Matisse’s Piano Lesson is the painting I keep going back to at MOMA. For me, it’s the most compelling modern painting in New York. It’s hard to compare it to my other all time favorites at the Met or the Frick but certainly at MOMA, it exerts the strongest pull on me and it never, ever disappoints.
It’s the green triangle and the way it flips in and out of the window, the way it turns the gray to warm, but also complements the pink, which, in turn, turns the gray to cool. That gray! It’s warm and cool all at once, and there’s so much of it. The longer I look at the painting, I feel myself absorbed by that ambiguous gray. To reinforce the red/green complements, the blue and orange curtains/shutters climb up the side of the window frame above the boy’s head, offering a secondary, subtler version of simultaneous contrast. Everything about this painting is ambiguous, that is, a good kind of ambiguous, not to be confused with vagueness. All of its elements lock together in an amazing tension that feels as if the painting might explode if the boy hits a wrong note.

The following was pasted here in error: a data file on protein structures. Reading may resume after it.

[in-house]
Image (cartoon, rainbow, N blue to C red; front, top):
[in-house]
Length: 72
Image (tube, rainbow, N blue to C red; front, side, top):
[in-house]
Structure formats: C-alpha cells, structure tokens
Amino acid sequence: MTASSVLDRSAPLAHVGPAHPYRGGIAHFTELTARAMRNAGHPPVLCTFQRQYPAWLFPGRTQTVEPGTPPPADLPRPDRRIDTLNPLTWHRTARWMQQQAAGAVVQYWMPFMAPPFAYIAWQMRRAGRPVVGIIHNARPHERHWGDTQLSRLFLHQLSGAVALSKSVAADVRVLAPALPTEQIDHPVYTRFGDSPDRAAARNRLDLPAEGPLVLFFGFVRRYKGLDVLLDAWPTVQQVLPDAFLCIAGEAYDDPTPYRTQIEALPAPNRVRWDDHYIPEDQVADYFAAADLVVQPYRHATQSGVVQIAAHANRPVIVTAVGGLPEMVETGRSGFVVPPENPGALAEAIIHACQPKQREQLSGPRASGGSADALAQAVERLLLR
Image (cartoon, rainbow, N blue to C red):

And the boy’s face! The intensity of that wedge, mirrored by the metronome, teased by the black arabesque calligraphy of the balustrade! I wonder what he is thinking as he reads his music in rapt concentration. Or maybe he’s not thinking at all, so intensely focused on his music as he is.
I’ve never cared much about whether the woman on the stool is a painting or a person. She’s just out there, hanging suspended in the otherworld of pictorial space – another ambiguity. The painting offers us a superb balance of literal and formal information, poised between multiple interpretations. In other words, it is an example of representation at its most powerful.
What I always ask myself as I stand before the Piano Lesson is how did he know when to stop? What gave him the courage to create, accept and celebrate those ambiguities, to know just when they were poised in the right balance between clarity and uncertainty to keep us looking?
I’ve always loved The Red Studio that hangs nearby. Both are wonderfully immersive paintings in which one feels submerged and surrounded by large expanses of color. By comparison, however, The Red Studio seems lightweight and decorative. The Piano Lesson is much more taut, more surprising. For me, it represents Matisse at his most fearless as a painter.